Download the Mach newsletter. SUBSCRIBE Oct. 25, 2018 / 8:29 AM GMT By Denise Chow It may sound like a…
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By Denise Chow
It may sound like a plot boiled by a cartoon villain, but a city in southwest China strives to launch an artificial moon in space which could replace street lighting by bathing the ground in a “dusk-like glow”.
City officials in Chengdu said they are planning to launch the so-called lighting satellite 2020, China’s People News Daily newspaper reported. The bold plan was announced by Wu Chunfeng, chairman of Chengdu Aerospace Science and Technology Microelectronics System Research Institute Co., a private company, at a 1
0th October event in Chengdu.
Lintao Zhang / Getty Images file
In an interview with China Daily, Wu said that the mirror-like exterior of the satellite should reflect the sunlight down. “/> Chengdu City is the capital of southwest China Sichuan province. to the earth, create a glow around eight times lighter than the moon. The artificial moon, which he said would run about 500 kilometers above the ground, could save $ 174 million in electricity from streetlights.
Not much else is known about the lighting satellite, including its size or cost. It is also unclear whether the introduction of another light source in the sky would adversely affect the locals or the wilderness – perhaps by disturbing the daily light-cycle cycle.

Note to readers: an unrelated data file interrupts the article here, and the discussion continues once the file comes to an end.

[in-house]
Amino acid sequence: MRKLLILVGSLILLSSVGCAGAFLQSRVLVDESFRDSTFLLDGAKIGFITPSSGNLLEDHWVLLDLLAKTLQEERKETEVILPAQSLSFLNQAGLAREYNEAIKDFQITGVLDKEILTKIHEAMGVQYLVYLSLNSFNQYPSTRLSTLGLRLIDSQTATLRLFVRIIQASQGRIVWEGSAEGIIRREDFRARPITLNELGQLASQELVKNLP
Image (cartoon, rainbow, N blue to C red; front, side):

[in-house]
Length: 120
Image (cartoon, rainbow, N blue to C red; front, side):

This is not the first time the idea of putting new light sources into space has
In the 1920s, a German physicist, Hermann Oberth, suggested the idea of using a space-based mirror to reflect light to the ground. Nothing came of that thought. But, seven decades later, on February 4, 1993, the Russian cosmonauts released a small experimental mirror from the Mir Space Station, Bruce Hunt, a professor in history at the University of Texas in Austin, told NBC News MACH in an email. 19659006] Dubbed Znamya mirrored the mirror short a beam of light to the earth that was two to three times as bright as the moon, the New York Times reported at that time. A few days later, the mirror burned up when it returned to Earth’s atmosphere.
However, despite the long interests of such ideas, Hunt, specializing in the history of science and technology, is doubtful about the Chinese project.  “I do not think space mirrors would be very practical because I doubt they could be reliably controlled to light just the desired areas, they would contribute a lot of light pollution (astronomers would be very dissatisfied with them) and even then they would do not give enough light to remove a demand for lighting at ground level, I say. “Space mirrors turn me into a solution for looking for a problem.”
William Schonberg, MSc professor at the Missouri University of Science and Technology, said that he was fascinated by the thought – but encountered similar concerns.
“What happens when the” light “burns out (that is, the reflector deteriorates where it no longer works)?” Schonberg told MACH in an email. “On the environmental side is worry about light pollution. Will the residents of the enlightened city no longer be able to see the night sky? How much games will there be in nearby cities, and how will it affect their “night vision”? “
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